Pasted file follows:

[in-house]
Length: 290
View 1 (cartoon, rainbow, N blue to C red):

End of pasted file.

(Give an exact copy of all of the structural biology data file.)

[in-house]
Length: 290
View 1 (cartoon, rainbow, N blue to C red):